Originally created 08/04/98

Mobile homes may be banned in area



Developers who want to place manufactured homes in south Richmond County will have fewer properties to choose from if the Augusta Commission rezones a large area to prevent future mo-bile homes.

The county's planning commis-sion will hold two public hearings before it decides whether to rec-ommend rezoning the land, be-tween Old Savannah and Peach Orchard roads, from agricultural to single-family residential, pro-hibiting much-maligned mobile home developments.

This area, about 1,300 parcels of land, is the second to be considered by the planning commission. In May, about 700 parcels near Windsor Spring and Tobacco roads were rezoned for single-family homes, or R-1.

A third area, south of Bobby Jones Expressway toward Tobacco Road, is set for rezoning consideration next.

Some south Richmond homeowners say manufactured homes depreciate their property and detract from the neighborhood.

"I've got nothing against mobile homes, themselves. I've lived in one," said Danny Aldridge, who now owns a home in the Goshen area. "But they look horrible in a few years. They'll take my home value to nothing. They need to be stopped."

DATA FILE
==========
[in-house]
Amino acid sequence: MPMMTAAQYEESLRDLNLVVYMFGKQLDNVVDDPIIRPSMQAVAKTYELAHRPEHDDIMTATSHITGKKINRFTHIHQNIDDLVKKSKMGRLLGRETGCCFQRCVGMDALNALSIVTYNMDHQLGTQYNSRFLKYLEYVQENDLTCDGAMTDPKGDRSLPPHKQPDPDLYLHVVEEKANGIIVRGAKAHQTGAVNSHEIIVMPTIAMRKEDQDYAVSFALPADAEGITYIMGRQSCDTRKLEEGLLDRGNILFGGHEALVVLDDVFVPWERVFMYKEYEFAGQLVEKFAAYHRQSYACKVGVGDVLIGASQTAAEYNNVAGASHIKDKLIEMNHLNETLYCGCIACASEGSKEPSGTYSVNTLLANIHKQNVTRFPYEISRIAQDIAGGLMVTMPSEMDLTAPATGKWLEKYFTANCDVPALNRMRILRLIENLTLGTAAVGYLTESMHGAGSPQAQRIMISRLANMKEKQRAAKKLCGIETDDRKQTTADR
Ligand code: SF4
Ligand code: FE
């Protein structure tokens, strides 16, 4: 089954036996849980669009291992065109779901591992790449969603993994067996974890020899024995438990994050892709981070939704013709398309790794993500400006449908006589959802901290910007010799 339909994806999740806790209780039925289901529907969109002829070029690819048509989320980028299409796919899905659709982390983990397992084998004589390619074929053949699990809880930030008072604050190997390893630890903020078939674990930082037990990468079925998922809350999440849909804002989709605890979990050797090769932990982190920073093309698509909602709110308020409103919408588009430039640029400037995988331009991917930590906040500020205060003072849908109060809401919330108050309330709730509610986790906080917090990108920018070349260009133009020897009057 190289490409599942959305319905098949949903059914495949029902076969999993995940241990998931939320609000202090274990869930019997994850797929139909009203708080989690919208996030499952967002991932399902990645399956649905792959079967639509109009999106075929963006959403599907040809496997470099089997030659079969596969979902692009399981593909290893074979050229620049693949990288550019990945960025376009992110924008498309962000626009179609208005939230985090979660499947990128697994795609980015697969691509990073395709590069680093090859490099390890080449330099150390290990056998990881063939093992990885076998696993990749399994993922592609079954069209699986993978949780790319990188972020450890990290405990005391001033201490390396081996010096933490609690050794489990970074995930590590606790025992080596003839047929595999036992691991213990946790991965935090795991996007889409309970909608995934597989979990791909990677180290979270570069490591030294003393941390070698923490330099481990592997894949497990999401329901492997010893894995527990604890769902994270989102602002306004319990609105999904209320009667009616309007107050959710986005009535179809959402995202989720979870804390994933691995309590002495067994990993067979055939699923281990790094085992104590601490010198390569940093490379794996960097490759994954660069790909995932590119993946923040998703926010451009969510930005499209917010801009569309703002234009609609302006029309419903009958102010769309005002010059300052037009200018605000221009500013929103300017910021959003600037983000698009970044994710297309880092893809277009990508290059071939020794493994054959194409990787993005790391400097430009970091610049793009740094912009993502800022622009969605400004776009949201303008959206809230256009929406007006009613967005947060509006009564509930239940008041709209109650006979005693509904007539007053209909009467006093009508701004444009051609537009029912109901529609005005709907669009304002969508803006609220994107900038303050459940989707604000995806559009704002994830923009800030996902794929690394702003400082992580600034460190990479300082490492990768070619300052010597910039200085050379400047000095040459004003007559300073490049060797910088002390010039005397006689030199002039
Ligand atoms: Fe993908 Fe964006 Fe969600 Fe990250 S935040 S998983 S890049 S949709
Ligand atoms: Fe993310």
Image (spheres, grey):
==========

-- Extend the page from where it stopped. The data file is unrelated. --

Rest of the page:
Rezoning large parts of south Richmond would help prime the area for managed growth, Planning Commission Director George Patty said.

"What's there will get to remain. And we won't aggressively enforce small-scale agricultural activity," Mr. Patty told a meeting of Hephzibah-area homeowners. "Making the land R-1 is the best way we have to preserve south Richmond County and prevent the kind of development we know people don't want to see next door."

But rezoning large parts of south Richmond is "based on old prejudices," said Sam Evans, president of Apple Homes, which sold 639 mobile homes in Georgia and South Carolina last year.

"It's almost like telling everybody who's bought a manufactured home that they're a second-class citizen and they should move to Burke County," Mr. Evans said. "Impressions change very slowly. These are high-quality homes for people who can't afford site-built homes, and there's a big market in Richmond County. We'd support making requirements for how the homes look and beautify the area. But just out-and-out banning them is wrong."

Public hearingPlanning commission public hearing

Tonight at 7 p.m.

Goshen Elementary School cafeteria

4040 Old Waynesboro Road

Planning commission regular meeting

Monday at 3 p.m.

Municipal Building Room 803

530 Greene St.